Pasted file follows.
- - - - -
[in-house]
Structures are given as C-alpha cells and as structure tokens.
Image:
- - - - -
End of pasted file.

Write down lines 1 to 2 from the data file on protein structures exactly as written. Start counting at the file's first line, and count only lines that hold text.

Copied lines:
[in-house]
Structures are given as C-alpha cells and as structure tokens.